As the one-year anniversary of Sean Miller's hire at Arizona passed Wednesday, Kentucky saw five players off a 35-win team declare early for the NBA draft.
Kentucky coach John Calipari will have to (and likely succeed at) putting together yet another elite-level recruiting class.
There are advantages and drawbacks to this style, and here is where Miller will succeed over Calipari.
If you believe in rumors (and with this one I do), Calipari was a Billy Gillispie firing away from being the coach at Arizona. He would have brought flash and flair to Tucson. Instead he took the job with the Wildcats in Lexington.
Arizona then went on a wild goose chase and ended up with Miller.
Miller did the improbable in his first year at Arizona. He took a team that had six scholarship players returning, only three of whom had played meaningful minutes, and was able to grab five solid recruits and get them to a fourth-place finish in the Pac-10.
While his season didn't have the flash of Calipari's, Miller is doing something that Calipari isn't: He is building a program.
Miller is trying to take a team that was an empty closet and make them a consistent winner, much like Lute Olson did.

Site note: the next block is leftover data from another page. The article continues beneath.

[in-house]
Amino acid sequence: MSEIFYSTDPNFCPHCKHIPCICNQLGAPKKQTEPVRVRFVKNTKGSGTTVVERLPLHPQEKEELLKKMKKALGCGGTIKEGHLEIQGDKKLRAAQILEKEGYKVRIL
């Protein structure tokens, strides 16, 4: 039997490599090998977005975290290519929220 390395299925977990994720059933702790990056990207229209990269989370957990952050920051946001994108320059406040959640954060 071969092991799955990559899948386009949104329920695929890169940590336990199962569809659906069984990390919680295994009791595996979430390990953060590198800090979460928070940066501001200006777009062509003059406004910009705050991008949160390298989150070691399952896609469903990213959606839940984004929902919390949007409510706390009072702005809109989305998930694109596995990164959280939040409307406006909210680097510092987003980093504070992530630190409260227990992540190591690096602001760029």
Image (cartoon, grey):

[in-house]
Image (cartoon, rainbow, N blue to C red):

Calipari had a similar situation in Kentucky, except he went the route of the one-and-dones. He recruited six players, including two who became All-Americans. Four of them declared for the NBA draft on Wednesday.
Those losses, along with the departure of junior Patrick Patterson and three seniors, give the Wildcats just five returning players, only three of whom had significant playing time this season.
In one day Calipari is back in the same place he was last year.
Miller, on the other hand, is only losing senior Nic Wise. The returning players are committed to getting better over the summer, and their chemistry is unmatched by any Arizona team in the past eight years. Arizona is set to take a run at the Pac-10 title next year.
He is coaching the team in order to make them better and getting players who are not only looking to go pro, but also trying to be part of a successful program.
Kentucky, on the other hand, will be hoping to land players that can make an immediate impact. They have two players already committed but will be hard pressed to find six more that can contribute right away.
There is nothing wrong with going the route of the one-and-done players. It is very successful and can get a team deep in the tourney.
However, living year to year not knowing who's going and who's staying can wear on a coach. There is some stability that is needed, and the one-and-done players cannot provide that.
Calipari may eventually build a program where he does not need to constantly grab players looking to jump to the pros after one year, but for the time being, that seems to be his plan.
For the short term, John Calipari would have been a good answer for Arizona, but for the long haul, I'll put my cards with Sean Miller.